Start off with the basic one, and if you need more quota you can always upgrade to the PowerTrack API version of it.


#6

To be clear, neither the enterprise or premium APIs offer any ability to increase write (POST) limits.

It’s not obvious to me why your application would be write-restricted and we can’t comment on individual support cases in public forums. The most common reasons for being limited (in my experience) are generally not following the automation rules (see this clarification too), or the use of multiple application keys.

You should follow up via the API Policy support form.


#7

Thanks very much for the response Andy. On June 13, we heard back from Twitter Platform Operations. Apparently the mentions at the end of Tweets sent by our app triggered the block. We quickly removed that feature and on June 14 responded to the email as requested, but haven’t heard back since then (13 days ago). Once measures have been taken to remove behaviors that trigger restrictions, how long does it typically take before the block is lifted? Should we keep waiting patiently or try to communicate in other ways? Our customers have been without our app for almost a month now.

Thanks for any help you can offer,
Colin


#9

To close this thread out: the changes we made have been reviewed. Our access was reactivated by Twitter on July 18, 2018. The entire process took 48 days.

A warning to anyone else using the APIs:
As of July 2018, using the Twitter API to post multiple Tweets with different content, but with each Tweet containing the same @mention, triggered a ban in our case. The ban applied even though the accounts being mentioned explicitly wanted to be mentioned. We were told the same would have been true for hashtags.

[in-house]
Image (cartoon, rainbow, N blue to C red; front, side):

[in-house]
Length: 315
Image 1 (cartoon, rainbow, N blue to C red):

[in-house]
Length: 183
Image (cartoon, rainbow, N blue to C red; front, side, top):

Further, even if the Tweets are composed manually by real end users (humans), duplication is still not allowed. For example, imagine your app is a conference-companion app for attendees of a popular event such as CES or SXSW. At the event keynote, you ask attendees to use your app to send a Tweet including a hashtag for the conference (e.g., #someevent2018). The resulting hashtag duplication in Tweets sent by attendees via your app could trigger a ban by Twitter, even if the Tweet text, itself, is manually composed. The only workaround seems to be to ask your attendees to use the official Twitter app/website to compose Tweets, which seems to defeat the purpose of using the Twitter API at all. I have to admit, it’s a bit confusing to us that developers are not allowed to write apps that send Tweets containing the same hashtag, as using hashtags is one of the primary features of Tweeting in the first place. Any app with enough popularity seems bound to eventually trigger a “duplicate hashtag” ban simply by virtue of allowing users to Tweet at all.

The duplication restriction on @mentions also seems unintuitive to us, as in our case, the account being @mentioned explicitly wants to be @mentioned. But we can also appreciate that spam is difficult to detect and combat. Hopefully in future Twitter will allow finer-grained approvals so individual developer accounts can be granted permission to perform specific actions based on a use-case review.

Thanks to all who responded to this thread. Your input was very much appreciated.